Monday, November 25, 2013


More than adultery, boredom or installing the toilet paper roll so that it goes under instead of over, miscommunication is the number one disruptor of marriages. It's remarkable how often spouses can hold increasingly-edgy conversations without realizing what the hell the other is really talking about. And when I say "spouses," I'm referring to my own marriage.

That miscommunication is the entire premise behind Bad Girl, right down to the title. One of this blog's rare Oscar-winners (for direction and writing) Bad Girl promised the usual sexy pre-code elements: risque chatter, cigarettes, bathtub gin, a token gay character, violence and, if I was lucky, a reference to reefer or happy dust. It was a promise broken.

DOT: "I love when you call me insulting names."
EDDIE: "Thanks, jerkwad."

Instead, it tells the story of Dot (Sally Eilers), a New York working girl who's sick of men hitting on her. So when Eddie (James Dunn), a radio repairman, doesn't give her a tumble, she falls in love with him. (Already, it sounds like a Jennifer Aniston/Vince Vaughn rom-com.) A hard-boiled kind of a guy, Eddie can't bring himself to say anything resembling "I love you." In fact, two of his cuter nicknames for Dot are "Stupid" and "Unconscious." I'm not convinced my wife would have appreciated those terms of endearment when we started dating, but that's further proof of how women have changed over the years.

I've only got eyes for that cool radio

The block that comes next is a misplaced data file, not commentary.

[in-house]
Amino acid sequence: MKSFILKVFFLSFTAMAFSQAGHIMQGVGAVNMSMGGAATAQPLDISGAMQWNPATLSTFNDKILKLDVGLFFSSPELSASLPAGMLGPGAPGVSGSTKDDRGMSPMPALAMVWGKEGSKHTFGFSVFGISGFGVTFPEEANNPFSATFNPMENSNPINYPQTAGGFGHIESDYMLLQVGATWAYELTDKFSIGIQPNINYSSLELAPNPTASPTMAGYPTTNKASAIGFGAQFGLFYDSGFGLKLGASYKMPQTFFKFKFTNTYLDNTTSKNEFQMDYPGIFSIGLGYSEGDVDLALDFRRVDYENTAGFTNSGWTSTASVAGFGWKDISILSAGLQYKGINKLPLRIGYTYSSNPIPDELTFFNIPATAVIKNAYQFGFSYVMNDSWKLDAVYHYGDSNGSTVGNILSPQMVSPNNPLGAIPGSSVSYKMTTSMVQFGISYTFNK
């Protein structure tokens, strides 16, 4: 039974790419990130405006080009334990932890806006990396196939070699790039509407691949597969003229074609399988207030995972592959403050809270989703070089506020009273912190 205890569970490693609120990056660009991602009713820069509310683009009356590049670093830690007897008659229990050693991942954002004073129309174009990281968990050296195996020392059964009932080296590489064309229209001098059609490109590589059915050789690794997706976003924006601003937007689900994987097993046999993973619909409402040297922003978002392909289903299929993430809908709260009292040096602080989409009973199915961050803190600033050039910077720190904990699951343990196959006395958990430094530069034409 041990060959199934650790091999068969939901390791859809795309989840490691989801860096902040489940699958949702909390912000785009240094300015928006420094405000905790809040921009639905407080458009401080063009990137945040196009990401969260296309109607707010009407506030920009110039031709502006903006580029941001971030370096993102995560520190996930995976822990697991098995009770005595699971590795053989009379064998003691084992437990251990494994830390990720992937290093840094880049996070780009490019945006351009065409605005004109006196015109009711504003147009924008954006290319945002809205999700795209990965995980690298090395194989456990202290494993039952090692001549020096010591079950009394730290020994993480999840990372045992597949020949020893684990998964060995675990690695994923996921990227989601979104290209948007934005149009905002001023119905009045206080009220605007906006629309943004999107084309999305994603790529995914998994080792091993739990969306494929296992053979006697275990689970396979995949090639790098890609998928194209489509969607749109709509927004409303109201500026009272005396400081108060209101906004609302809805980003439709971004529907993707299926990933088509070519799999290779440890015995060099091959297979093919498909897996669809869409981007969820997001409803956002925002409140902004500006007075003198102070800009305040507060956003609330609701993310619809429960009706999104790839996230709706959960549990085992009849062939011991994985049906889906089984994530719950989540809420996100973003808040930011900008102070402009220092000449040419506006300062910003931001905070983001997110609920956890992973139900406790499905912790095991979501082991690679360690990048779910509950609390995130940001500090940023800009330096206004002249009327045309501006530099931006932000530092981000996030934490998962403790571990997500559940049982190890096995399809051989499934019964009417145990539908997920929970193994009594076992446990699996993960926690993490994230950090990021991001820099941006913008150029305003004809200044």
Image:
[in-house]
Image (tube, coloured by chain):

in the rear.
Either Dot can see through his exterior or she's yearning for a sadomasochistic relationship, because after making love for the first time, she accepts his marriage proposal. This doesn't go over well with her brother, who calls her "a tramp," and is convinced that this is "one of those rush marriages." That's the kind of pre-code stuff I was waiting for! It took a while, but now I was looking forward to plenty of despair, adultery, and all the other pleasures of cinematic marriages.

Dot obviously doesn't remember
that boxers in old movies always
 wear a bandage over their eyebrow.

I was to be sadly disappointed. These two crazy kids are in love -- but not enough to have a simple, honest conversation. Dot's pregnant, but can't tell him. He thinks she wants to move out of their one-room flat, so he blows his savings -- which he was going to use to open his own radio repair shop -- on a fancy apartment for them. She thinks he doesn't want a child, so she pretends to feel likewise, leading him to pretend likewise. To pay for the doctor, Eddie takes up boxing for extra money, but doesn't want to tell Dot, so she thinks he's out carousing with the boys. Then when the kid is finally born, Eddie pretends not to care because he thinks Dot doesn't care, so she gets depressed...

Get the picture? Like, there would be no picture if, just once, Dot and Eddie just took five minutes to ask each other, "What's going on?" instead of acting on wildly specious speculation? By the time they come to their senses (after wrongly believing their baby had died), I was hoping, Well, maybe now their new found happiness will be disrupted by
Wipe those smiles off your faces!
real tragedy.
Like, say, when riding home in a cab from the hospital they'd get into an accident and the kid really bites the dust. And their marriage falls apart and Dot finally becomes that titular bad girl by going the streetwalker route, leading to her to die of consumption in Eddie's arms when he finds her coughing up blood in a back alley on the West Side. Now we've got a movie!

That's not the way things work out, though. What Dot and Eddie experience instead is a realization of their true feelings for each other, followed by a  kiss, a fadeout, and two or three minutes of the restored post-credit exit music under a black screen. Oh man. What a washout of a movie.
Frank and Oscar